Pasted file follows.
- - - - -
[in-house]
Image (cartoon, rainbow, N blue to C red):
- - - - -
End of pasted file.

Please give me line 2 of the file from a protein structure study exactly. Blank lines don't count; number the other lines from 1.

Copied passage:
Image (cartoon, rainbow, N blue to C red):